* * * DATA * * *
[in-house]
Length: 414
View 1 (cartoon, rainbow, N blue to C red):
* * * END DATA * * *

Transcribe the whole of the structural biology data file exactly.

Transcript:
[in-house]
Length: 414
View 1 (cartoon, rainbow, N blue to C red):